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Re: [PATCH] Add new lisp function length= with bytecode support

From: Gdobbins
Subject: Re: [PATCH] Add new lisp function length= with bytecode support
Date: Mon, 27 Feb 2017 19:35:10 -0500

> It should be documented in doc/lispref/sequences.texi, no?

Yes, of course. Sorry about that.

> As the intended use of length= is to compare lengths, it's confusing
> that it also accepts markers and floats, plus that makes the
> implementation a bit slower as it can't use EQ to compare lengths. It
> would be cleaner and simpler for length= to accept only sequences and
> integers, as Alexandria does.

I'm not sure I understand how EQ can be used to compare lengths. Do you mean using EQ to compare the numbers in the way I was using Feqlsign?

> I assume that markers and floats were put in only so that the
> byte-compiler could optimize expressions like (= (length FOO) BAR)
> without worrying about incompatibilities in the very-unlikely case where
> BAR is a float or a marker. In that case, perhaps the the byte-compiler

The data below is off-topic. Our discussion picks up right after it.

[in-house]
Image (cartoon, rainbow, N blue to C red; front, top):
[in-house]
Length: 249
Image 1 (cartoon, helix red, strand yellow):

> should use a specialized length= function that is not visible to the
> user, so that the user-visible function (if any) can be kept cleaner.

length= accepts floats and markers so that the byte-code for = "" be changed to actually call length=, since as it is currently defined length= returns the same result as = when given arguments appropriate for =. In this way both = and length= can be byte-compiled without the need for a new byte-code. The function length_eqlsign2 could be left this way and the full Flength_eqlsign could be changed to accept only integers. This should accommodate also the case you mention of BAR being a float or marker, provided the compiler macro be changed as necessary. I found less than ten cases where = was used to compare more than two sequences/numbers anyway.

I'm happy to make these changes and submit a new squashed patch, but first I'd like to know the consensus on whether or not my changes to the byte-compiler are acceptable. Otherwise these patches of patches are likely to become unwieldy.

-- Graham Dobbins

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